- Set appropriate prices. Cost control analysis can determine the cost per unit of whatever it is that you sell. Once you factor in labor and material costs, you may realise it’s time to increase the price tag of your product or services.
Strategies for Keeping Your Expenses in Check
You believe in the merits of cost control management. But how exactly do you go about implementing effective measures? These strategic moves are a savvy way to figure out which costs need to be reduced.
Define specific KPIs
Do you want to manage staffing costs or reduce your technology expenses? You can’t know whether you have succeeded in cost cutting unless you know what your goals are. A key performance indicator (KPI) is a specific metric that helps you define your wins and losses. For many companies, KPIs include things like achieving a specific profit growth or increasing the number of client accounts. In regards to cost controlling, KPIs may measure how much you lower your expenses in specific areas.
Anticipate market fluctuations and inflation
You should also consider market changes when you plan for cost cutting. As inflation requires a larger budget in one area, you may have to control costs elsewhere. A cost control plan needs some flexibility to adapt to changing conditions.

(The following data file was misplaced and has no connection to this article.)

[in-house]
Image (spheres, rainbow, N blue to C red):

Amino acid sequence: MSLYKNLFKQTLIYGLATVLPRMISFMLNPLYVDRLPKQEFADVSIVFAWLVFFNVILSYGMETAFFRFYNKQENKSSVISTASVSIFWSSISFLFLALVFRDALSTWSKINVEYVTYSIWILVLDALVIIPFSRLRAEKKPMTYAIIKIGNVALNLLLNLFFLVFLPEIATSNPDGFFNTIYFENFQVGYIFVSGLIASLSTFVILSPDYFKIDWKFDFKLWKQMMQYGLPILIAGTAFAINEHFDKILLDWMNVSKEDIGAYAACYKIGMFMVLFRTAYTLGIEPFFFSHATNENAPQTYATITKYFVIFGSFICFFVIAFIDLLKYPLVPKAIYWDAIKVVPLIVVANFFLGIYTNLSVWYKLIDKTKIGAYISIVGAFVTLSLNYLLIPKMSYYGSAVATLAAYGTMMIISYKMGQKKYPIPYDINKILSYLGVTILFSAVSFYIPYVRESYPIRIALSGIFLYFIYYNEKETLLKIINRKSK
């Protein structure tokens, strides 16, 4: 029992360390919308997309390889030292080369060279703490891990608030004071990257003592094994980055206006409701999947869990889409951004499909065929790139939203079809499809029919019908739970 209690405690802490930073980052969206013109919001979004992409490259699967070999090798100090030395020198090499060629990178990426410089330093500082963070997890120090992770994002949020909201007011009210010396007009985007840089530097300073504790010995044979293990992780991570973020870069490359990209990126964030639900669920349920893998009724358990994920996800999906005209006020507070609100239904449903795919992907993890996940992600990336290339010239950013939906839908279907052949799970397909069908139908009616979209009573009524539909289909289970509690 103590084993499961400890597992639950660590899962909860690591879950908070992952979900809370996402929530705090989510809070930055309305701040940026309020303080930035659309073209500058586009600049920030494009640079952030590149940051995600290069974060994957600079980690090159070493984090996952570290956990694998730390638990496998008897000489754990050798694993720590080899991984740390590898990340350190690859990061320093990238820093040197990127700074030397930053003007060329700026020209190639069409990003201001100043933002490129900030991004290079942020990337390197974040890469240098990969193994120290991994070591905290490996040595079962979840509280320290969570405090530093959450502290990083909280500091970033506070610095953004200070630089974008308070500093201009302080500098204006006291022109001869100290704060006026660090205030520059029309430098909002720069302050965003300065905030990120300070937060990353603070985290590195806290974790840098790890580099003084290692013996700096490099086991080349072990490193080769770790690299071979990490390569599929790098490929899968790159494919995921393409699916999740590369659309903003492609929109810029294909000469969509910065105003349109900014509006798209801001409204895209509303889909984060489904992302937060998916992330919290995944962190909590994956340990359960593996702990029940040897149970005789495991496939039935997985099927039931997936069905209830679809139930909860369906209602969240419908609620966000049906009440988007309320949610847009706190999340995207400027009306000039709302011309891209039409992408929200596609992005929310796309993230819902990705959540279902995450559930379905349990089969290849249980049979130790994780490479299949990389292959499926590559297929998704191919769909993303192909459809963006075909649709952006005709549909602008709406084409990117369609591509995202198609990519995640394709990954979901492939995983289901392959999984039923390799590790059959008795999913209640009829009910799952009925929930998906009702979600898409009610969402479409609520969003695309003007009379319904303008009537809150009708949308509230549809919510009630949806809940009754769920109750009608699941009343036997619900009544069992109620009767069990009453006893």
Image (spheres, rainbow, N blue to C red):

Track expenses in real time
Reviewing past spending is good, but tracking real-time expenditure is better. Red flag overspending before it goes too far by using software that tracks your costs as they happen. That way, you can identify issues sooner rather than later and adjust as necessary to meet your goals if unnecessary spending occurs.
Consolidate your purchases to negotiate better pricing
Everything from insurance to bulk item purchases can often qualify for a discount if you ask. Consolidate your purchases to fewer vendors to give yourself some leverage. For instance, property insurance and auto insurance may be bundled for a better rate. You may be surprised at how much cost cutting is possible with a few simple changes.
Prioritise your contractor and supplier relationships
A supply shortage or price increase can really mess with your annual budget. Controlling your costs also means maintaining the relationships that may lead to price discounts. If you make your supplier relationships a priority, they may make you a priority when you need it most. Cultivating relationships can also mean referrals and other income streams in the future.
Outsource your bookkeeping with Visory
Outsourcing your bookkeeping and reporting can also be a part of a cost control plan. When you entrust your books to a virtual team, you free up funds on your payroll budget and gain access to an informed team. You can add new members to your Visory finance team as you need them. Your virtual team will scale with you. Visory can also analyse your current financial picture and recommend cost cutting measures.
Cost control strategies are key to running a successful enterprise. Identify key performance indicators, then cut some fat to meet your goals faster. If you need some help, learn how Visory’s reporting can help you identify opportunities to minimise costs.